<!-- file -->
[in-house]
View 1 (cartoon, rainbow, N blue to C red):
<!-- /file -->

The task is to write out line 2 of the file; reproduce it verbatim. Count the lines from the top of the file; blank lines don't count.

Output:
View 1 (cartoon, rainbow, N blue to C red):